46. Temporal Orientation: This helps to perceive and estimate time accurately (like estimating how long you’ve been reading this list).

47. Interpretation: This cognitive function involves making sense of various inputs (as in understanding a political cartoon).

48. Deductive Reasoning: This refers to deriving specific conclusions from general principles (such as deducing that all apples are fruits, and so, the red item in your hand being an apple, is a fruit).

49. Inductive Reasoning: Here, general conclusions are drawn based on specific observations or facts (as when you observe that the sun has risen from the east every day and conclude that it will do so tomorrow).

50. Play: Though more commonly associated with leisure, play too is a cognitive process that allows for exploration, problem-solving, creativity, and learning (like engaging in a strategy-based board game like chess).

Full List of Cognitive Processes

  • Perception
  • Attention
  • Memory retrieval
  • Problem solving
  • Decision making
  • Judgment formation
  • Imagery visualization
  • Language comprehension
  • Reasoning (inductive and deductive)
  • Concept formation
  • Classification
  • Learning (associative, observational)
  • Metacognition
  • Moral reasoning
  • Spatial navigation
  • Time estimation
  • Forecasting outcomes
  • Emotional regulation
  • Belief formation
  • Intuition
  • Planning and organization
  • Reflection
  • Perspective-taking
  • Abstract thinking
  • Mental rotation
  • Schema formation
  • Working memory processing
  • Semantic memory activation
  • Episodic memory recall
  • Procedural memory use
  • Cognitive mapping
  • Transitive inference
  • Analogy recognition
  • Executive function
  • Cognitive flexibility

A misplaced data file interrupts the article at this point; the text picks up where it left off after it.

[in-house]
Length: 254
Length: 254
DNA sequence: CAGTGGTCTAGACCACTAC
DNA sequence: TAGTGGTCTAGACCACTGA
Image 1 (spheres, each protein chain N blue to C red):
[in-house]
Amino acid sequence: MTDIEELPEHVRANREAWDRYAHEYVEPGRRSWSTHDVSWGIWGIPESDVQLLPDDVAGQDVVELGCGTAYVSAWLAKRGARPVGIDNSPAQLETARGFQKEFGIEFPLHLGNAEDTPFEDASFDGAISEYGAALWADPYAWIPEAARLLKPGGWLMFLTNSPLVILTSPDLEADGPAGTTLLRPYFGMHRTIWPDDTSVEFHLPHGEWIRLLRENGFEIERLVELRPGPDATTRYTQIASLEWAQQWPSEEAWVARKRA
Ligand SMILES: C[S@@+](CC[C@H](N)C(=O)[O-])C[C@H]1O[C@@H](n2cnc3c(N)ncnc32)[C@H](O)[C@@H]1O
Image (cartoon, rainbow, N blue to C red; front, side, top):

• Pattern recognition
  • Categorization
  • Syllogistic reasoning
  • Recognition memory
  • Cognitive dissonance resolution
  • Expectation setting
  • Counterfactual thinking
  • Insight generation
  • Risk assessment
  • Habituation
  • Psychological Priming
  • Information filtering
  • Temporal ordering
  • Source monitoring
  • Inhibition control
  • Cognitive rehearsal

The Cognitive Hierarchy

Benjamin Bloom came up with a useful cognitive hierarchy to help us to rank cognitive capacities based upon the depth of cognitive capacity required for each level (Krathwohl, 2002). This is known as ‘Bloom’s taxonomy’, shown below:

blooms taxonomy, explained below

The above image is duplicated below in table format:

Level of Learning (Shallow to Deep)Description of LearningRelevant Verbs
RememberRetain and recall informationReiterate, memorize, duplicate, repeat, identify
UnderstandGrasp the meaning of somethingExplain, paraphrase, report, describe, summarize
ApplyUse existing knowledge in new contextsPractice, calculate, implement, operate, use, illustrate
AnalyzeExplore relationships, causes, and connectionsCompare, contrast, categorize, organize, distinguish
EvaluateMake judgments based on sound analysisAssess, judge, defend, prioritize, critique, recommend
CreateUse existing information to make something newInvent, develop, design, compose, generate, construct

This taxonomy can not only help us conceptualize cognition on a hierarchy from lower-order to higher-order cognition. It’s also useful for educators when grading papers or creating curricula (Adams, 2015). It allows them to identify the appropriate verbiage to explain which types and levels of thinking and working with information are required in order to demonstrate benchmark levels of understanding of a topic.


Adams, N. E. (2015). Bloom’s taxonomy of cognitive learning objectives. Journal of the Medical Library Association: JMLA103(3), 152. doi: https://doi.org/10.3163%2F1536-5050.103.3.010

Krathwohl, D. R. (2002). A revision of Bloom’s taxonomy: An overview. Theory into practice41(4), 212-218.

Rowe, C., & Healy, S. D. (2014). Measuring variation in cognition. Behavioral Ecology25(6), 1287-1292.

Website | + posts

Dr. Chris Drew is the founder of the Helpful Professor. He holds a PhD in education and has published over 20 articles in scholarly journals. He is the former editor of the Journal of Learning Development in Higher Education. [Image Descriptor: Photo of Chris]

Leave a Comment

Your email address will not be published. Required fields are marked *